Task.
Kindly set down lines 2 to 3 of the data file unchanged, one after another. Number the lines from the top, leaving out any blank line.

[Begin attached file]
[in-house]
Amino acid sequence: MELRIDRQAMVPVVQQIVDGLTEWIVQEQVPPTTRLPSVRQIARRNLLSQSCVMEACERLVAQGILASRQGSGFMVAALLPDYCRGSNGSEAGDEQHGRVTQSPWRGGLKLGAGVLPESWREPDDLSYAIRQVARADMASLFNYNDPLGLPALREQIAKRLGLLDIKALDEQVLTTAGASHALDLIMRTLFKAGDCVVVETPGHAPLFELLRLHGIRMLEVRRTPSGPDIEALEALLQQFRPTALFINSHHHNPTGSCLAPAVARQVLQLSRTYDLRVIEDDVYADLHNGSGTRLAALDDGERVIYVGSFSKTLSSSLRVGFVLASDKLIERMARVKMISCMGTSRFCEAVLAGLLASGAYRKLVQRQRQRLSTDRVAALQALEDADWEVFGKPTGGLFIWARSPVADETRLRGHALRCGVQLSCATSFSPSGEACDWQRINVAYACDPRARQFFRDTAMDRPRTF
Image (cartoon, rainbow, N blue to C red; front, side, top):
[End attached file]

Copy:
Amino acid sequence: MELRIDRQAMVPVVQQIVDGLTEWIVQEQVPPTTRLPSVRQIARRNLLSQSCVMEACERLVAQGILASRQGSGFMVAALLPDYCRGSNGSEAGDEQHGRVTQSPWRGGLKLGAGVLPESWREPDDLSYAIRQVARADMASLFNYNDPLGLPALREQIAKRLGLLDIKALDEQVLTTAGASHALDLIMRTLFKAGDCVVVETPGHAPLFELLRLHGIRMLEVRRTPSGPDIEALEALLQQFRPTALFINSHHHNPTGSCLAPAVARQVLQLSRTYDLRVIEDDVYADLHNGSGTRLAALDDGERVIYVGSFSKTLSSSLRVGFVLASDKLIERMARVKMISCMGTSRFCEAVLAGLLASGAYRKLVQRQRQRLSTDRVAALQALEDADWEVFGKPTGGLFIWARSPVADETRLRGHALRCGVQLSCATSFSPSGEACDWQRINVAYACDPRARQFFRDTAMDRPRTF
Image (cartoon, rainbow, N blue to C red; front, side, top):